I can’t keep
up with Harlan Coben’s prodigious output but I try to read his books when they
come my way. No Second Chance (Dutton, 2003) ended up in my hands
recently and captured my attention. In classic Coben style I was plunged from
the first page into a crisis: Dr. Marc Seidman awakens from a days-long coma.
He was shot in his kitchen and left for dead. He recalls nothing at all of the
attack. His wife was fatally wounded, and his six-month-old daughter is
missing. Even worse, if it can be, the police first on the scene were unaware
that there was a baby in the house and thus the search for her was delayed.
find that Seidman was injured with one gun and his wife was killed with one
belonging to Seidman, which as far as he knew was in a locked box to which few
people had access. Not a trace of the infant is found. Seidman is beside
himself when he is well enough to understand what happened. He begins searching
for his daughter while the police look for suspects and, when they find none,
turn their attention to Seidman as the possible killer. Why he would have
gravely wounded himself in the process is a question that remains unanswered in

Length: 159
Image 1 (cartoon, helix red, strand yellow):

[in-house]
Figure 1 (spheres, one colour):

meantime Seidman’s wealthy father-in-law receives a ransom note for the return
of his granddaughter. Seidman is to deliver the money as directed. Any
deviation from the instructions will result in the loss of his child forever.
There would be no second chance for him.
as planned during the hand-off and the baby is not returned. Seidman, not quite
rational by this time, begins his own search extraneous to that of the police,
involving a range of friends current and past. He finds an unexpected ally in an
extremely kind stranger who is devoted to his own children and was devastated
to learn of Seidman’s lost daughter.
Coben delivers a solid read. Plenty of action with an engrossing plot, and primary
characters that I can believe in. I loved the ending, which is as unexpected as
it is deeply gratifying.
Publisher: Dutton Adult; 1st
edition (April 1, 2003)
Hardcover: 352 pages
Aubrey Nye Hamilton ©2023
Aubrey Hamilton is a former librarian who works on
Federal It projects by day and reads mysteries at night.